Degenerative brain conditions can lead someone with symptoms, at various stages, to one specialist or clinic after another for assessment and treatment. In the process, they lose precious time for starting therapies that could potentially slow the disease.
Baycrest has embarked on a fundamental redesign of care delivery systems, creating the Pamela & Paul Austin Centre for Neurology and Behavioural Support.
Housed on Baycrest’s flagship campus in Toronto, the new centre will address the urgent need for innovations to support the estimated 430,000 Ontarians who will be living with dementia and other degenerative brain conditions by 2038, and their caregivers.
The interprofessional team comprises sub-specialties in neurology, allowing Baycrest to coordinate assessment, diagnosis and care for patients with cognitive decline, dementia and behavioural challenges, movement disorders, and multiple sclerosis.
“This new, innovative model of care will demonstrate what is possible in supporting individuals with dementia across the continuum of care, and as their disease progresses,” said Scott Ovenden, President and Chief Executive Officer, Baycrest Hospital.
“Creating a home base for diagnosis, treatment and services for patients and their caregivers will make a meaningful change in the quality of care and value for the healthcare system.”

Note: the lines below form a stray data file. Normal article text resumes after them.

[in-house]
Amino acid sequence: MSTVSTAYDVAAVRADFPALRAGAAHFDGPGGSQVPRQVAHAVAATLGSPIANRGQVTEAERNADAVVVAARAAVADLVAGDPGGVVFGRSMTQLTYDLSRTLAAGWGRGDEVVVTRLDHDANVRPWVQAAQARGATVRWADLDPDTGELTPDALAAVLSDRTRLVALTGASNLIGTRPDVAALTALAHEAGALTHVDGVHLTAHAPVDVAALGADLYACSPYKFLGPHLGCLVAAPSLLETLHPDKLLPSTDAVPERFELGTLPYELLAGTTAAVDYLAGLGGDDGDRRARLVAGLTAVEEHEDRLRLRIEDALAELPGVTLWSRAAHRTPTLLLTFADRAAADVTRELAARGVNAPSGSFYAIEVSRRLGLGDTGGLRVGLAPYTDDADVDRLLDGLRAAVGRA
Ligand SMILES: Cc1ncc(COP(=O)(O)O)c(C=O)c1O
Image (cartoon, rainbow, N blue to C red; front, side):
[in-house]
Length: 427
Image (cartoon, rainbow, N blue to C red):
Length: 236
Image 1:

The inaugural Medical Director is Dr. Morris Freedman, who is also Head, Division of Neurology, Medical Director, Cognition and Behaviour, and Rotman Research Institute Scientist at Baycrest.
At the new centre, Dr. Freedman will also build on a highly successful Virtual Behavioural Medicine (VBM) program launched at Baycrest just prior to the pandemic in 2020.
VBM offers virtual assessment and management for individuals with neuropsychiatric symptoms of dementia in acute care hospitals, long-term care homes or in the community. These symptoms are also referred to as responsive behaviours and include — but are not limited to — aggression, agitation and hallucinations.
“This unique, scalable model of care has reduced the need for admissions to specialized hospital behavioural units,” Dr. Freedman said. “Others in the medical field are extremely interested, and it has the potential to be replicated at centres across Canada and around the world.”